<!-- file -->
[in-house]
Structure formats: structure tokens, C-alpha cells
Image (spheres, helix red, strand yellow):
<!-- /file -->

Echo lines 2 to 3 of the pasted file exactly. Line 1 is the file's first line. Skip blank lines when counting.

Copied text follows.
Structure formats: structure tokens, C-alpha cells
Image (spheres, helix red, strand yellow):